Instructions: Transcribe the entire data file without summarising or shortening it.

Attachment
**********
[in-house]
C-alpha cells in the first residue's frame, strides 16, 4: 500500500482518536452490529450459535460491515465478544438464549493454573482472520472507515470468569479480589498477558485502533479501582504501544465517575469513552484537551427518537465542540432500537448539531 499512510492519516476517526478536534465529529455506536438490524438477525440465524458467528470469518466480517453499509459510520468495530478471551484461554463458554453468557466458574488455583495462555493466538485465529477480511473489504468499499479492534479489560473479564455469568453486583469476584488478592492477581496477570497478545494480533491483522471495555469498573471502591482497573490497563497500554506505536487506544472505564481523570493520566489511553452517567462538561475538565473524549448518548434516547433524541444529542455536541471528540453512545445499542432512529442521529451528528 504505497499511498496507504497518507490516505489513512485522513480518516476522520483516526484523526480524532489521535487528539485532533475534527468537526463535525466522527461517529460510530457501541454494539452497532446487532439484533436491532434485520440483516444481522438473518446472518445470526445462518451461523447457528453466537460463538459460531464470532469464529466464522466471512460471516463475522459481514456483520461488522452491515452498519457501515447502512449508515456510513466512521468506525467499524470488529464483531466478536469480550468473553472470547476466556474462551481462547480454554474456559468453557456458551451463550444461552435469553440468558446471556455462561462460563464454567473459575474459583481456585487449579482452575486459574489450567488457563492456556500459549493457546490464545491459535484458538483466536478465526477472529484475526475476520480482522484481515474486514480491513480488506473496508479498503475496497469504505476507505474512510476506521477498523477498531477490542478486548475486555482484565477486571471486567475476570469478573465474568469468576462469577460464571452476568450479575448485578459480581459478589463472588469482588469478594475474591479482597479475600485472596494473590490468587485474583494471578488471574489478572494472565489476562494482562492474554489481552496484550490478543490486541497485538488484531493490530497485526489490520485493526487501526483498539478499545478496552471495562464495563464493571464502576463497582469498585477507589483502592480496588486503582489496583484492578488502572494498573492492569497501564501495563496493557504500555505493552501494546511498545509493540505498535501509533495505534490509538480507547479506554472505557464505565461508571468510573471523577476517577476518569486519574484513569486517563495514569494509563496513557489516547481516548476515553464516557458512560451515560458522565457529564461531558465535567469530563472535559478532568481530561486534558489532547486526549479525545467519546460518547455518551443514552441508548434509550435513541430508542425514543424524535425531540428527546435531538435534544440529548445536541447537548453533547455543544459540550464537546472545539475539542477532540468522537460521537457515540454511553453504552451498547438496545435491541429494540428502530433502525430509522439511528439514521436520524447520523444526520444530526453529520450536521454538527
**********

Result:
[in-house]
C-alpha cells in the first residue's frame, strides 16, 4: 500500500482518536452490529450459535460491515465478544438464549493454573482472520472507515470468569479480589498477558485502533479501582504501544465517575469513552484537551427518537465542540432500537448539531 499512510492519516476517526478536534465529529455506536438490524438477525440465524458467528470469518466480517453499509459510520468495530478471551484461554463458554453468557466458574488455583495462555493466538485465529477480511473489504468499499479492534479489560473479564455469568453486583469476584488478592492477581496477570497478545494480533491483522471495555469498573471502591482497573490497563497500554506505536487506544472505564481523570493520566489511553452517567462538561475538565473524549448518548434516547433524541444529542455536541471528540453512545445499542432512529442521529451528528 504505497499511498496507504497518507490516505489513512485522513480518516476522520483516526484523526480524532489521535487528539485532533475534527468537526463535525466522527461517529460510530457501541454494539452497532446487532439484533436491532434485520440483516444481522438473518446472518445470526445462518451461523447457528453466537460463538459460531464470532469464529466464522466471512460471516463475522459481514456483520461488522452491515452498519457501515447502512449508515456510513466512521468506525467499524470488529464483531466478536469480550468473553472470547476466556474462551481462547480454554474456559468453557456458551451463550444461552435469553440468558446471556455462561462460563464454567473459575474459583481456585487449579482452575486459574489450567488457563492456556500459549493457546490464545491459535484458538483466536478465526477472529484475526475476520480482522484481515474486514480491513480488506473496508479498503475496497469504505476507505474512510476506521477498523477498531477490542478486548475486555482484565477486571471486567475476570469478573465474568469468576462469577460464571452476568450479575448485578459480581459478589463472588469482588469478594475474591479482597479475600485472596494473590490468587485474583494471578488471574489478572494472565489476562494482562492474554489481552496484550490478543490486541497485538488484531493490530497485526489490520485493526487501526483498539478499545478496552471495562464495563464493571464502576463497582469498585477507589483502592480496588486503582489496583484492578488502572494498573492492569497501564501495563496493557504500555505493552501494546511498545509493540505498535501509533495505534490509538480507547479506554472505557464505565461508571468510573471523577476517577476518569486519574484513569486517563495514569494509563496513557489516547481516548476515553464516557458512560451515560458522565457529564461531558465535567469530563472535559478532568481530561486534558489532547486526549479525545467519546460518547455518551443514552441508548434509550435513541430508542425514543424524535425531540428527546435531538435534544440529548445536541447537548453533547455543544459540550464537546472545539475539542477532540468522537460521537457515540454511553453504552451498547438496545435491541429494540428502530433502525430509522439511528439514521436520524447520523444526520444530526453529520450536521454538527